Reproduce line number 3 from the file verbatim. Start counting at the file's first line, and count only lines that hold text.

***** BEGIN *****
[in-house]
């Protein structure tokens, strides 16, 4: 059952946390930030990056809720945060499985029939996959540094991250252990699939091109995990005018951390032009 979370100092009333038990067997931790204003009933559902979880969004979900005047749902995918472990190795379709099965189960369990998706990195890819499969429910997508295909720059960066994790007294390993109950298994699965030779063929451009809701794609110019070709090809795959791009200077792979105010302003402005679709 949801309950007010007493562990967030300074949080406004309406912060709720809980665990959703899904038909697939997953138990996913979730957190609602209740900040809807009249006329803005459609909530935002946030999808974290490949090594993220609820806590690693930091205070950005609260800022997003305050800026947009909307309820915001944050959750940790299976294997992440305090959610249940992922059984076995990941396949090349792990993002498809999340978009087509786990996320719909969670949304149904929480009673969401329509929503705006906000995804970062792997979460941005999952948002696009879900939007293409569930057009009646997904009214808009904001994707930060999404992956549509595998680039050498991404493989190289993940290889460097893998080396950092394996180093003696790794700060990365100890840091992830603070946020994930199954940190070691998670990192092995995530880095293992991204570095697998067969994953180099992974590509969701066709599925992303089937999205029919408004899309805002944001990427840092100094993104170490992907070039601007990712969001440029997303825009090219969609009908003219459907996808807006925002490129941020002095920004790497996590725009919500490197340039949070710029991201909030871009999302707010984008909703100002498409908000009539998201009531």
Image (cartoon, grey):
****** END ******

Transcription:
Image (cartoon, grey):